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I created user sessions from server log data. Based on the URLs I categorized each server request according to the respective page content (e.g. topic_1 = main page, topic_2 = team members, etc.). The Table shows the number of times the user requested a page belonging to a topic in one session.

I want to cluster the sessions to find groups of sessions with similar interests and respectively similar browsing patterns. There are about 100 topics. The first 15 topics are requested frequently. The other topics are like a sparse matrix, but important to differentiate the sessions.

Its an exploratory data mining project. I don’t know how many interest groups there are. So I’m looking for an algorithm that doesn’t need a specified number of clusters (so no k-means or the like). The database contains about 1 million sessions. Perhaps you can suggest an implementation in R.

user_session  topic_1  topic_2  topic_3  topic_4     topic_99 topic_100
------------------------------------------------ - - ------------------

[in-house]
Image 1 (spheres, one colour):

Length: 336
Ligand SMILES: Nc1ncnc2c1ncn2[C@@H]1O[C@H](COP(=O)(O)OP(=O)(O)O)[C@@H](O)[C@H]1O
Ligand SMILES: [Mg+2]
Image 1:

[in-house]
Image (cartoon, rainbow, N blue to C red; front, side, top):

1             1        4        0        0           0        0
2             1        2        0        0           1        0
3             1        0        5        2           0        0
4             1        0        6        3           0        1
...
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One option: Try hierarchical clustering. e.g.

df <- read.table(header=T, text="
user_session  topic_1  topic_2  topic_3  topic_4     topic_99 topic_100
1             1        4        0        0           0        0
2             1        2        0        0           1        0
3             1        0        5        2           0        0
4             1        0        6        3           0        1")
d <- dist(df[, -1]) # '?dist' for details
hc <- hclust(d)
plot(hc)
rect.hclust(hc, k=2)

The dendrogram suggests two clusters:

enter image description here

To get them:

cbind(session=df$user_session, cluster=cutree(hc, k=2))
#      session cluster
# [1,]       1       1
# [2,]       2       1
# [3,]       3       2
# [4,]       4       2
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    $\begingroup$ Thanks for your answer! I experimented with the distance metric and the cluster method. I think the manhattan metric works best for my high dimensional data. And I used Ward's cluttering algorithm. postimg.org/image/x2k9r3xwr $\endgroup$ – LarsVegas Feb 1 '16 at 14:31
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One way to cluster without knowing the number of clusters beforehand is the "Chinese Restaurant Process," which is described (along with an implementation in R) in this r-bloggers post.

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